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Los Angeles Fire Department, Plaza Fire Station
Alternative Title
Security Pacific National Bank Photo Collection
Date Created and/or Issued
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Los Angeles Public Library
Los Angeles Public Library Photo Collection
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Images available for reproduction and use. Please see the Ordering & Use page at http://tessa.lapl.org/OrderingUse.html for additional information.
Title supplied by cataloger.
In September of 1871, George M. Fall, the County Clerk for Los Angeles County organized Engine Company No. 1. This volunteer firefighting force disbanded in 1874 after the City Council refused to purchase horses to pull the fire engine and hose jumper - equipment that had previously been hand-drawn to fires. Soon after, many of the former members reorganized under the name of Thirty-Eights-No. 1. In May 1875, Engine Co. No. 2 was organized under the name Confidence Engine Company. In 1877, the first horses were bought for the fire department. In 1878, a third fire company was formed and was named Park Hose Co. No. 1. Five years later, in 1883, the East Los Angeles Hose Co. No. 2 was formed. And the final volunteer company, called Morris Vineyard Hose Co. No. 3, forming in the fall of 1883. All of these companies remained in service until February 1, 1886, when the present paid Los Angeles Fire Department came into existence. When it was officially formed, it had 4 fire stations, 2 steam fire engines, 2 hose reels, a hose wagon, a 65' aerial ladder truck, 31 paid firefighters, 24 reserve firefighters, and 11 horses to protect 30 square miles and a population of 50,000. Today, the LAFD has 106 fire stations and nearly 3,600 uniformed personnel offering fire prevention, firefighting, emergency medical care, technical rescue, hazardous materials mitigation, disaster response, public education and community service to a resident population of more than 4 million people who live in the agency's 471 square mile jurisdiction.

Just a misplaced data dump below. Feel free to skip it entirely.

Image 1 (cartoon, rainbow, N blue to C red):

Exterior view of the "old" Plaza Fire Station, located at 26 Plaza Street and the corner of Los Angeles Street, which houses "Fire Truck No. 1". At the time this photograph was taken, the two-story brick building that once housed the Thirty-Eights Engine Company No. 1 had been abandoned, but still retained its original facade. A small balcony, original to the fire station, extends from a door on the second floor flanked by two windows, and a belfry is located on the roof just above. The Plaza Fire House was in service from 1884 to 1889. Photograph dated: August 1968.
1 photographic print :b&w ;21 x 26 cm.
Photographic prints
Security Pacific National Bank Collection
L.A.-Fire Department-Stations.
Los Angeles (Calif.).--Fire Department
Fire station closings--California--Los Angeles
Engine companies--California--Los Angeles
Fire stations--California--Los Angeles
Streets--California--Los Angeles

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